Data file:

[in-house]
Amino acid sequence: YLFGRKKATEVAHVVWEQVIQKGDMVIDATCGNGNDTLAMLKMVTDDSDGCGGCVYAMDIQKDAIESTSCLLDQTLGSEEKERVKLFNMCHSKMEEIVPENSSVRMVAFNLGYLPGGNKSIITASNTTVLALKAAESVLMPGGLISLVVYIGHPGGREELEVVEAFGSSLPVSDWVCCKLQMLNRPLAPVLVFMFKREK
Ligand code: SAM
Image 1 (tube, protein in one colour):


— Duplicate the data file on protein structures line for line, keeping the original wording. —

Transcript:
[in-house]
Amino acid sequence: YLFGRKKATEVAHVVWEQVIQKGDMVIDATCGNGNDTLAMLKMVTDDSDGCGGCVYAMDIQKDAIESTSCLLDQTLGSEEKERVKLFNMCHSKMEEIVPENSSVRMVAFNLGYLPGGNKSIITASNTTVLALKAAESVLMPGGLISLVVYIGHPGGREELEVVEAFGSSLPVSDWVCCKLQMLNRPLAPVLVFMFKREK
Ligand code: SAM
Image 1 (tube, protein in one colour):